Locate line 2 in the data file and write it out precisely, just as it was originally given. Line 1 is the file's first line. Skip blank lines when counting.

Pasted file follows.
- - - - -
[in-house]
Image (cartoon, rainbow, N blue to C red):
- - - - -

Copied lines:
Image (cartoon, rainbow, N blue to C red):